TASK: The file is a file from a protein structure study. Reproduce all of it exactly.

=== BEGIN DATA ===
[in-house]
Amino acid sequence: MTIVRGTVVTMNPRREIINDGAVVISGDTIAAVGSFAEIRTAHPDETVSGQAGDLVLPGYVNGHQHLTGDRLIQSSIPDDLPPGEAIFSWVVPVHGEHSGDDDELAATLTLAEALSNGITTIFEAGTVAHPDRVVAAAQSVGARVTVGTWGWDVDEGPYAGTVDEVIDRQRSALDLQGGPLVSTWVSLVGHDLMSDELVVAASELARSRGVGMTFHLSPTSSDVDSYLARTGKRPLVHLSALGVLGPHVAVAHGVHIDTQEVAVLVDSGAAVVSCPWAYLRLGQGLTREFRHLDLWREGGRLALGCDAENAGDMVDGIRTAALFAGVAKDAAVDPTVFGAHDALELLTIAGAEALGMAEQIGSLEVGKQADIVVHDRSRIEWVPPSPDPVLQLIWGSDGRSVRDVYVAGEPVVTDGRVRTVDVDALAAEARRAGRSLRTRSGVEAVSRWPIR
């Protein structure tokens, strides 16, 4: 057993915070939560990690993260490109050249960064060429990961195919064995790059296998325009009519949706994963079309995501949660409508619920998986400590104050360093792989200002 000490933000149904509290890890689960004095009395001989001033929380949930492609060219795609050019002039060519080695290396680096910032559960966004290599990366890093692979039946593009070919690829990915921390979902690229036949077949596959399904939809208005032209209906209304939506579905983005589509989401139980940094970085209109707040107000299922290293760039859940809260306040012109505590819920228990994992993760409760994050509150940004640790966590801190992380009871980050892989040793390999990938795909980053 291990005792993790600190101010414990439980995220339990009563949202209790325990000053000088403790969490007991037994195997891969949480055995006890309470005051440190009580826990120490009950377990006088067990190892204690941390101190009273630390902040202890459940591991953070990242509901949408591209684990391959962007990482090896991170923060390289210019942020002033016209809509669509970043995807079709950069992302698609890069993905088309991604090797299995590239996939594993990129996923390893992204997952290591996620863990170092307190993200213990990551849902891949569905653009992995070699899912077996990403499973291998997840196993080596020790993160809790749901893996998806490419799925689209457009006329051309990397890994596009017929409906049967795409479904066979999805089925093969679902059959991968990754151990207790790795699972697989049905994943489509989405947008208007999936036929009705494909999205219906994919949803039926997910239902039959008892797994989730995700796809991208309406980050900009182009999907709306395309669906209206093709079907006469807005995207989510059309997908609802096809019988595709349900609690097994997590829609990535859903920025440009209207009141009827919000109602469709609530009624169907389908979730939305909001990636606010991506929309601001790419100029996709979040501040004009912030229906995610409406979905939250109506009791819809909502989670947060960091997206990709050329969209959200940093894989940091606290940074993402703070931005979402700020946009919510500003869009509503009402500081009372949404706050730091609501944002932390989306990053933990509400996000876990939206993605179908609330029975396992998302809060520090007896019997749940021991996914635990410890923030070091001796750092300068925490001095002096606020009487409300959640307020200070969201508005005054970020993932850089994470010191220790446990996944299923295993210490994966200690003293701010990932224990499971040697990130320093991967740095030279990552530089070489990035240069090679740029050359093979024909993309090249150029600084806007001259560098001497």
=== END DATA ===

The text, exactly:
[in-house]
Amino acid sequence: MTIVRGTVVTMNPRREIINDGAVVISGDTIAAVGSFAEIRTAHPDETVSGQAGDLVLPGYVNGHQHLTGDRLIQSSIPDDLPPGEAIFSWVVPVHGEHSGDDDELAATLTLAEALSNGITTIFEAGTVAHPDRVVAAAQSVGARVTVGTWGWDVDEGPYAGTVDEVIDRQRSALDLQGGPLVSTWVSLVGHDLMSDELVVAASELARSRGVGMTFHLSPTSSDVDSYLARTGKRPLVHLSALGVLGPHVAVAHGVHIDTQEVAVLVDSGAAVVSCPWAYLRLGQGLTREFRHLDLWREGGRLALGCDAENAGDMVDGIRTAALFAGVAKDAAVDPTVFGAHDALELLTIAGAEALGMAEQIGSLEVGKQADIVVHDRSRIEWVPPSPDPVLQLIWGSDGRSVRDVYVAGEPVVTDGRVRTVDVDALAAEARRAGRSLRTRSGVEAVSRWPIR
């Protein structure tokens, strides 16, 4: 057993915070939560990690993260490109050249960064060429990961195919064995790059296998325009009519949706994963079309995501949660409508619920998986400590104050360093792989200002 000490933000149904509290890890689960004095009395001989001033929380949930492609060219795609050019002039060519080695290396680096910032559960966004290599990366890093692979039946593009070919690829990915921390979902690229036949077949596959399904939809208005032209209906209304939506579905983005589509989401139980940094970085209109707040107000299922290293760039859940809260306040012109505590819920228990994992993760409760994050509150940004640790966590801190992380009871980050892989040793390999990938795909980053 291990005792993790600190101010414990439980995220339990009563949202209790325990000053000088403790969490007991037994195997891969949480055995006890309470005051440190009580826990120490009950377990006088067990190892204690941390101190009273630390902040202890459940591991953070990242509901949408591209684990391959962007990482090896991170923060390289210019942020002033016209809509669509970043995807079709950069992302698609890069993905088309991604090797299995590239996939594993990129996923390893992204997952290591996620863990170092307190993200213990990551849902891949569905653009992995070699899912077996990403499973291998997840196993080596020790993160809790749901893996998806490419799925689209457009006329051309990397890994596009017929409906049967795409479904066979999805089925093969679902059959991968990754151990207790790795699972697989049905994943489509989405947008208007999936036929009705494909999205219906994919949803039926997910239902039959008892797994989730995700796809991208309406980050900009182009999907709306395309669906209206093709079907006469807005995207989510059309997908609802096809019988595709349900609690097994997590829609990535859903920025440009209207009141009827919000109602469709609530009624169907389908979730939305909001990636606010991506929309601001790419100029996709979040501040004009912030229906995610409406979905939250109506009791819809909502989670947060960091997206990709050329969209959200940093894989940091606290940074993402703070931005979402700020946009919510500003869009509503009402500081009372949404706050730091609501944002932390989306990053933990509400996000876990939206993605179908609330029975396992998302809060520090007896019997749940021991996914635990410890923030070091001796750092300068925490001095002096606020009487409300959640307020200070969201508005005054970020993932850089994470010191220790446990996944299923295993210490994966200690003293701010990932224990499971040697990130320093991967740095030279990552530089070489990035240069090679740029050359093979024909993309090249150029600084806007001259560098001497």